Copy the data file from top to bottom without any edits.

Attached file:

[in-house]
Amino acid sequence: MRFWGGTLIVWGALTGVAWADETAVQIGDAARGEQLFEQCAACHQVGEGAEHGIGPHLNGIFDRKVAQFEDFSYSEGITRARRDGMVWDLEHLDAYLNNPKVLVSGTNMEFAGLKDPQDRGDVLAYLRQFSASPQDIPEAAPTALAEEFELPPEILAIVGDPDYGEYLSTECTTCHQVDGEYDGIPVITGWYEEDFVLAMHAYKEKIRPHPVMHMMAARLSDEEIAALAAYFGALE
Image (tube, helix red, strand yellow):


[in-house]
Amino acid sequence: MRFWGGTLIVWGALTGVAWADETAVQIGDAARGEQLFEQCAACHQVGEGAEHGIGPHLNGIFDRKVAQFEDFSYSEGITRARRDGMVWDLEHLDAYLNNPKVLVSGTNMEFAGLKDPQDRGDVLAYLRQFSASPQDIPEAAPTALAEEFELPPEILAIVGDPDYGEYLSTECTTCHQVDGEYDGIPVITGWYEEDFVLAMHAYKEKIRPHPVMHMMAARLSDEEIAALAAYFGALE
Image (tube, helix red, strand yellow):